Priceless! And overpriced?

I think this video is making the rounds online, and it is pretty funny.

I wonder how many women’s first thought was about that dang dress.

Just what is it about weddings? Especially in times when people have sex, live together, and sometimes have children before getting married, why is the wedding this big humongous deal? Oh, of course, I can understand making it special, sharing with family and friends, making that commitment to each other, and getting prettied up. But I CANT understand spending ridiculous amounts of money on it, often more than they can afford. Nor becoming obsessively stressed out that every minute detail be absolutely perfect.

In America girls grow up with fairy princess ideas about love and marriage. The phrase, “But its MY DAY!” being whined incessantly, is part of a brides repetoire. Now we have shows like Bridezilla and Say Yes to the Dress. Sometimes it looks like the wedding day is given more imortance than the marriage itself. I guess alot of it comes down to it being “fun” to plan such things, and I get that, I do, but some people take selfishness and unwise spending to a whole new level.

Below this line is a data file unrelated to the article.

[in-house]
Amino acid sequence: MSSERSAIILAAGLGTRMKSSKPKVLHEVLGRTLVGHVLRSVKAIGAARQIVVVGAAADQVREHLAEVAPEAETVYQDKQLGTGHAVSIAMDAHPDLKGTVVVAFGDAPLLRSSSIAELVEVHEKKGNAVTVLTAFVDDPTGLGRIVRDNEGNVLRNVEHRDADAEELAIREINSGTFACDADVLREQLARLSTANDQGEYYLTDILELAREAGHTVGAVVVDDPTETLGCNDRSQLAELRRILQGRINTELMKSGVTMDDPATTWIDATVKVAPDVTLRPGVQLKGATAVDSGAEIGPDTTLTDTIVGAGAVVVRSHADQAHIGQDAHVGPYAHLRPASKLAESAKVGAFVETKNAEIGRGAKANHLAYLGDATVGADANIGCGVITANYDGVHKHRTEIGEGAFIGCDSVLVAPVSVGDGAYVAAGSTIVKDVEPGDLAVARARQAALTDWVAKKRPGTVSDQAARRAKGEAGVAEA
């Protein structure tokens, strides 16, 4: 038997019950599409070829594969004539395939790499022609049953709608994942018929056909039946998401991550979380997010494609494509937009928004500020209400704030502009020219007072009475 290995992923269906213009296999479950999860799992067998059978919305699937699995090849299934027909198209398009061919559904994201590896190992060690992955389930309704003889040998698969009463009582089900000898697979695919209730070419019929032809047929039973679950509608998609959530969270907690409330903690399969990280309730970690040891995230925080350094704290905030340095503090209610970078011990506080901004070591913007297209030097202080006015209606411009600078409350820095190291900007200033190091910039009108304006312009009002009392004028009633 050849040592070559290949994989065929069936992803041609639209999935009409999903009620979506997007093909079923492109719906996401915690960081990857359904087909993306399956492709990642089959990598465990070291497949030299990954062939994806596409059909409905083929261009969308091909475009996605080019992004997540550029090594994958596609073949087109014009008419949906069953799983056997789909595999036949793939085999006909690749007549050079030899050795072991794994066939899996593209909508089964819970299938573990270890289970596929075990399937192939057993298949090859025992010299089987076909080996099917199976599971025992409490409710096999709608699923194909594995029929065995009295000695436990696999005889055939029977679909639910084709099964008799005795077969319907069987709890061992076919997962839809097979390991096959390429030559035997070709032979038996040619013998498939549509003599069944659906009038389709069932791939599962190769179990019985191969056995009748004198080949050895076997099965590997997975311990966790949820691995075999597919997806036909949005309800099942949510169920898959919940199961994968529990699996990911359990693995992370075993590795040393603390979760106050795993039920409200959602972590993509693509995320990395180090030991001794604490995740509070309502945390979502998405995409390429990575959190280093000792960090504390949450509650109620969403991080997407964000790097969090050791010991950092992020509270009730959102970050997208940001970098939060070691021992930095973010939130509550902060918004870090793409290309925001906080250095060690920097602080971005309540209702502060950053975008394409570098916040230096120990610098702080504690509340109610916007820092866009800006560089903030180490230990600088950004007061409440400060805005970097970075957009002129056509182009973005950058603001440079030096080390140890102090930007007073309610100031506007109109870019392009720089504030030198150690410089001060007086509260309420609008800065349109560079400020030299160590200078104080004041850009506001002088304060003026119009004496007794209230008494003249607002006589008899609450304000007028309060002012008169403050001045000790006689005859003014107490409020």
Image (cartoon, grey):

In India, the demands for dowry and extravagance can be equally disgusting. Although I do think weddings there happen on more of a “normal” scale, other than the number of guests (and not counting the uber rich) competition abounds to wearing more gold, having best caterers and being more lavish than “xyz’s” wedding. Spending a family’s life savings or worse, going into debt is sad and seems like a waste.

As for the woman in the video, well, I hope she still had a beautiful day after changing into a dry tshirt and jeans and I wish her many happy memories in the years to come, because really, thats what its all about!

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~ by honeybeeluvsjackfruit on October 21, 2008.

One Response to “Priceless! And overpriced?”

  1. It’d be a great story – and that’s one wedding video where the people forced to watch it won’t be bored.

    Personally, we got married in the US in a civil ceremony. I wore a nice cream cocktail dress with black trim that I’ve worn several times since. I can’t imagine spending tons of money on a dress that will be worn once. I’ve worn my sari from my Indian wedding a couple of times too.

    I suspect, though, that on the whole Indians are actually worse than Americans on spending a percentage of their wealth one weddings and dowries. I don’t have the statistics on hand, but I think it’s something like the rural poor spend about 20% of their lifetime wealth on weddings. When you’re so poor that it’s hard to buy food in some years, that’s an incredible percentage expenditure.

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